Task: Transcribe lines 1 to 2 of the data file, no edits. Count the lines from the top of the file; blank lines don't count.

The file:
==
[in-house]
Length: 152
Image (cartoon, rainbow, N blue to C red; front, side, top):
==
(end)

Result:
[in-house]
Length: 152